We can all agree that misinformation can cause real harm to people’s lives and the search is on for evidence on how to tackle it.
This briefing paper is part of a research programme set up Africa Check, Full Fact and Chequeado to help find that evidence.
The briefing, authored by Full Fact researcher, Dr. Dora-Olivia Vico and the research team at the Africa Centre for Evidence presents findings from specific countries (Uganda, Argentina and the UK) and makes some recommendations.
“Overall, we find that media and information literacy programmes show great promise. Interventions with young and adult participants, including long-term classroom training or just short trainings online, were all able to improve audiences’ ability to think more critically about the information they encounter.”Media and Information Literacy: Lessons from interventions around the world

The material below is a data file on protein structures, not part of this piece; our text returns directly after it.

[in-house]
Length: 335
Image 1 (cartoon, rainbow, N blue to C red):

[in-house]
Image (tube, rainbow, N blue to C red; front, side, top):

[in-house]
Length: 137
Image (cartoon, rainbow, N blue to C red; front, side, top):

The briefing recognises that there is ‘no one size fits all’ formula for developing and delivering MIL interventions and interventions can take many forms, from classroom interventions with children to podcasts and online training for adults, and even newsroom-style games harnessing the power of play. It was also noted that interventions with more sessions had stronger positive effects.
The researchers acknowledged the need for more evidence to assess how the lessons imparted during the interventions translate into real world behaviours. However, overall it was felt that media and information literacy initiatives “increased participants’ knowledge, criticism and awareness of the influence of the media”.